Judge Orders First-Ever Damages for Bush-Era Illegal Wiretapping
Friday, December 24, 2010
The Al-Haramain Islamic Foundation, branded a terrorist organization during the Bush administration, is set to receive $40,800 in damages from the federal government for illegally spying on the foundation’s communications. The government also has been ordered to pay $2.5 million in legal fees incurred by Al-Haramain, which was subjected to unauthorized wiretapping by the National Security Agency (NSA) in 2004.
The settlement was ordered by Chief U.S. District Judge Vaughn Walker, who ruled in April that President George W. Bush exceeded his legal authority when he instructed the NSA to spy on suspected terrorists in the United States without obtaining warrants from the Foreign Intelligence Surveillance Court. Walker’s ruling is the first one to go against the government, which still is facing other lawsuits stemming from the controversial surveillance program.
As a candidate, Barack Obama criticized the illegal wiretapping program. However, after assuming the presidency, he has ordered his Justice Department to defend the government against the lawsuit. It is not yet known if the Obama administration will appeal the case to a higher court.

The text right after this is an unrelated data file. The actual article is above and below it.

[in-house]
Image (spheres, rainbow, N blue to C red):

Al-Haramain Islamic Foundation Awarded Damages (by Bob Egelko, San Francisco Chronicle)
First Court Ruling that Bush Administration Wiretapping was Illegal (by Noel Brinkerhoff, AllGov)
Bush Illegal Wiretapping Program Almost Prompted FBI and Justice Resignations (by Noel Brinkerhoff, AllGov)
- Top Stories
- Unusual News
- Where is the Money Going?
- U.S. and the World
- Appointments and Resignations
- Latest News
- Outside Political Money Groups Seen as “Shadow Party” that Supplants the Candidates Themselves
- $730 Million in Back Taxes Owed by U.S. Defense Workers with Security Clearances Viewed as Posing Risk
- Thousands of U.S. Weapons Provided to Afghan Forces Are Unaccounted For
- Mystery Surrounds U.S. Justice Department Move to Wrap Anti-Iran Group in Shroud of Secrecy
- Lack of Federal Policy for Paid Maternity Leave May Contribute to Decline of Women in U.S. Workforce